Restorative Justice explores and addresses the root causes of an offense in a safe setting, where the responsible party can engage those impacted and where s/he can help determine how s/he should be held accountable. It also empowers those harmed by an offense and gives them a voice in identifying the needs created and how the harm should be repaired. Every case is specifically tailored to meet the needs of those involved.
The restorative justice model differs from the usual court approach in four key ways:
- Participation must be entirely voluntary – for all participants.
- The process focuses on the harm created by the effects, rather than seeking to prove the occurrence of the offense.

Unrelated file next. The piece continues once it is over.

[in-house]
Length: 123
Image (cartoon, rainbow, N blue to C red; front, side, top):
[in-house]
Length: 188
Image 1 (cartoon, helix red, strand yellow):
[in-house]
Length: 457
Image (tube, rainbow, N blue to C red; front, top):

- The responsible party must acknowledge his/her part in the harmful act and recognize that this creates an obligation to the affected parties and larger community.
- The responsible party engages in the reparative process with the impacted party, their family, school and community rather than being punished in isolation by the state.
The result is a Reparation Agreement which outlines the requirements to hold the young offender accountable for his or her actions and a deadline for completion.